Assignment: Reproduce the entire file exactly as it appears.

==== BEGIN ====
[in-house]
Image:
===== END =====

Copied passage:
[in-house]
Image: